2. Guidelines for the Management of Snakebites, 2nd edition, 2016. WHO Regional Office for South-East Asia, New Delhi, India. pp. 206.
  3. Snake Farm Exhibition, 2010. Snake Farm, Queen Saovabha Memorial Institute, The Thai Red Cross Society, Thailand. pp. 97.
  4. Norhayati, A. & Chong, M.H.N. (2016). Amphibians, Reptiles and Mammals of Putrajaya Lake and Wetland. Perbadanan Putrajaya, Malaysia. pp. 100.
  5. Das, I. (2010). A Field Guide to the Reptiles of South-East Asia. New Holland Publishers (UK), England. pp. 369.
  6. Das, I. (2012). A Naturalist's Guide to the Snakes of South-east Asia : Including Malaysia, Singapore, Thailand, Myanmar, Borneo, Sumatra, Java and Bali. John Beaufoy Publishing, Oxford, England. pp. 70-71; 160 pg.
  7. Hazebroek, H.P., Adlin, T.Z. & Sinun, W. (2011). Danum Valley: The Rain Forest. Natural History Publications (Borneo), Malaysia. pp. 615.
  8. Malkmus, R., Mantley, U., Vogel, G., Hoffmann, P. & Kosuch, J. (2002). Amphibians & Reptiles of Mount Kinabalu (North Borneo). Gantner Verlag, Germany. pp. 424.
  9. Ismail, A.K., Teo, E.W., Das, I., Vasaruchapong, T. & Weinstein, S.A. (2017). Land Snakes of Medical Significance in Malaysia. Ministry of Natural Resources and Environment, Putrajaya, Malaysia. pp. 80. — [ Adobe PDF (PDF) | eBook (EPUB) ]
  10. Shaharuddin, M.I., Che, H.H., Mohd. Puat, Dahalan, Jalil, M.S., Norhaidi, Y. & Latiff, A. (2005). Hutan Simpan Ulu Muda, Kedah: Pengurusan, Persekitaran Fizikal Dan Biologi. Jabatan Perhutanan Semenanjung Malaysia, Malaysia. pp. 310.
  11. Meijaard, E., Garcia-Ulloa, J, Sheil, D, Wich, S., Carlson, K.M, Juffe-Bignoli, D & Brooks, T.M (2018). Oil palm and biodiversity : a situation analysis by the IUCN Oil Palm Task Force. IUCN, Gland, Switzerland. pp. 116. — [ Adobe PDF (PDF) ]
  12. Shaharuddin, M.I., Dahalan, H.T., Abdullah Sani, Shafie, Jalil, M.S., Faridah-Hanum, I. & Latiff, A. (2005). Taman Negeri Gunung Stong, Kelantan: Pengurusan, Persekitaran Fizikal, Biologi dan Sosio-ekonomi. Jabatan Perhutanan Semenanjung Malaysia, Malaysia. pp. 442.
  13. Maimon, A. (2008). Biodiversity of Sungai Pulai: Ramsar Site, Johor. Earth Observation Centre, Malaysia. pp. 97.
  14. Praveena, B.K. & Maria Arlene, J.A.S. (2013). Compendium of Facts and Figures. 2nd Edition. Forest Research Institute Malaysia (FRIM), Malaysia. pp. 161.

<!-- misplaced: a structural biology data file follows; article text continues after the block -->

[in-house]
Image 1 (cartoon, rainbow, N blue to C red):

15. Suhaila, A.H. & Nik Ahmad Irwan Izzauddin, N. H. (2014). Biodiversity of Gunung Ledang Mountaineering The Nature. School of Biological Sciences, Universiti Sains Malaysia and Johor National Parks Corporation, Malaysia. pp. 165.
  16. Sibunruang, S., Suteparuk, S. & Sitprija, V. (2013). Manual of Practical Management of Snake-bites and Animal Toxin Injury. Bangkok: Queen Saovabha Memorial Institute, The Thai Red Cross Society, Thailand. pp. 88.
Chapter in book
  1. Das, I., Norhayati, A. & Lim, B.L. (2015). Venomous Terrestrial Snakes of Malaysia: Their Identity and Biology. In Gopalakrishnakone, P., Faiz, M.A., Fernando, R., Gnanathasan, C.A., Habib, A.G. & Yang, C.-C. (eds.) Clinical Toxinology in Asia Pacific and Africa. Springer. pp. 53-69. — [ Adobe PDF (PDF) ]
  2. Ismail, A.K. (January 2015). Snakebite and Envenomation Management in Malaysia. In Gopalakrishnakone, P., Faiz, M.A., Fernando, R., Gnanathasan, C.A., Habib, A.G. & Yang, C.-C. (eds.) Clinical Toxinology in Asia Pacific and Africa. Springer. pp. 71-102.
Report
  1. Laporan Program Kajian Inventori dan Pengurusan Hidupan Liar Tahun 2017, Wilayah Persekutuan Putrajaya. Perbadanan Putrajaya & PERHILITAN, Malaysia.
Unpublish
  1. Checklist of Biodiversity of Setiu (2019)

Acknowledgements :- Mr. Abdul Razak Mohd Nor Rasid, Mr. Ahmad Amir Firdaus Bin Mad Apandi, Ms. Aida Salihah Binti Abu Bakar, Ms. Ajla Rafidah Baharom, Ms. Aziemah Binti Kinan, Mr. Badrul Amin Bin Jaffar, Mr. Mohd Abdul Muin Bin Md Akil, Ms. Noor Amira Aini Binti Noor Anwar, Ms. Norazah Binti Norddin, Prof. Dr. Norhayati Binti Ahmad, Ms. Nur Hazwanie Binti Abd Halim, Ms. Nurfarhana Hizan Binti Hijas, Ms. Nurul Aimi Amirah Binti Mohd Zaki, Ms. Siti Zubaidah Binti Abdul Latif, Mr. Tan Kok Kiat & Mr. Yasser Mohamed Arifin

Citation :- Naja sumatrana. Malaysia Biodiversity Information System (MyBIS). https://www.mybis.gov.my/sp/21356. Downloaded on 16 October 2019.